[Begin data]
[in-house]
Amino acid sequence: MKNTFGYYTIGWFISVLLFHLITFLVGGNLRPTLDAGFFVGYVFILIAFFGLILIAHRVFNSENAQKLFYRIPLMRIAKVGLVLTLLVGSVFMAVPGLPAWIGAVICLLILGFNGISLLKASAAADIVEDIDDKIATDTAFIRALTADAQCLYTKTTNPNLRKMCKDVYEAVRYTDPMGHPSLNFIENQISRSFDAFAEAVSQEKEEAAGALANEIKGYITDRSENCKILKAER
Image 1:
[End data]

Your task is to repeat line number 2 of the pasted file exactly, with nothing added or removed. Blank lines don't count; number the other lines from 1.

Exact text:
Amino acid sequence: MKNTFGYYTIGWFISVLLFHLITFLVGGNLRPTLDAGFFVGYVFILIAFFGLILIAHRVFNSENAQKLFYRIPLMRIAKVGLVLTLLVGSVFMAVPGLPAWIGAVICLLILGFNGISLLKASAAADIVEDIDDKIATDTAFIRALTADAQCLYTKTTNPNLRKMCKDVYEAVRYTDPMGHPSLNFIENQISRSFDAFAEAVSQEKEEAAGALANEIKGYITDRSENCKILKAER